Intelligent Transportation Systems for Smart Cities

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Prof. Yehia Massoud, School of Systems and Enterprises at Stevens Institute of Technology


The rapid advancement in embedded systems and mobile telecommunications technologies have led to a drastic increase of Internet-of things (IoT) devices and the emergence of a variety of smart city applications. In such heterogeneous and ubiquitous networks, automated collaboration among IoT devices and their users become a necessity to leverage the potential of the connected crowd and foster novel services in different smart city domains. In this talk, we will overview the great dependence of future smart cities and connected communities on intelligent transportation systems. We will discuss the need for fast and robust service discovery solutions to ensure trustworthy and effective collaboration in such complex networks.  We also enumerate selected practical applications that use the power of the crowd and artificial intelligence to solve real-world smart city challenges.

Brief Biography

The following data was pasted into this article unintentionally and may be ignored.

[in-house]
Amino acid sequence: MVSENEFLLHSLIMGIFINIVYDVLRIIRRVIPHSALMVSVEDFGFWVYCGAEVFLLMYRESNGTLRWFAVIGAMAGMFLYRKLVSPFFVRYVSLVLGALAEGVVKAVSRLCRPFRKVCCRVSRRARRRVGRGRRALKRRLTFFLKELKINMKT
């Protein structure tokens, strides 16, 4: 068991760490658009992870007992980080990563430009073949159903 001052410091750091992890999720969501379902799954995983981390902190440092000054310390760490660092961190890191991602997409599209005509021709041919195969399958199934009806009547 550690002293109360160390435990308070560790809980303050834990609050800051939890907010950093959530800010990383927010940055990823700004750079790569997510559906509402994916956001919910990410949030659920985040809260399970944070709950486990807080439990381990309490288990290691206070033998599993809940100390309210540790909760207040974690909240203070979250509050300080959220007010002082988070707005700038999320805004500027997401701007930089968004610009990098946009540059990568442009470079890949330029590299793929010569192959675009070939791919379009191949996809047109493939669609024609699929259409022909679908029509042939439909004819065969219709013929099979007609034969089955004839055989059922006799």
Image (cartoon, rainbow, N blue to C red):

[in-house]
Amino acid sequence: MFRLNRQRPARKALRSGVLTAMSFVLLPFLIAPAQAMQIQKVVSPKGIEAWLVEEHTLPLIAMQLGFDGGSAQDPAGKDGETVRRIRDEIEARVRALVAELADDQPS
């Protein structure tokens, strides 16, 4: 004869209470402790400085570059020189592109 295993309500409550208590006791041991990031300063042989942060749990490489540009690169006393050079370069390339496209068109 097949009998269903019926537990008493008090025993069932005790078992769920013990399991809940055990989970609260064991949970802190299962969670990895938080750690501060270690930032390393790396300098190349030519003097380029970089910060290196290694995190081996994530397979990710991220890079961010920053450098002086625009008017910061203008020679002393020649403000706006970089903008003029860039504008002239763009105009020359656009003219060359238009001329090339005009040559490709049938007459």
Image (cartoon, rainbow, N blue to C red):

Yehia Massoud is a Professor and Dean in the School of Systems and Enterprises at Stevens Institute of Technology. He received his PhD degree in Electrical Engineering and Computer Science from the Massachusetts Institute of Technology in 1999. He has previously held tenured faculty positions at Rice University, UAB, and WPI. He also held visiting positions at Stanford University and MIT.  He is a Fellow of IEEE and has published more than 300 papers in leading peer-reviewed publications. Massoud’s research group was responsible for developing the world’s first realization of compressive sensing systems for signals. This DARPA-funded project provided an unprecedented one order of magnitude savings in power consumption and significant reductions in size and cost. Massoud has received many honors for his research and his service to the field, such as the Rising Star of Texas Medal, the NSF CAREER Award, the Design Automation Conference Fellowship, the Synopsys Special Recognition Engineering Award and two IEEE Best Paper awards. He has served as the editor of Mixed-Signal Letters—The Americas and has served as an associate editor of two IEEE Transactions.

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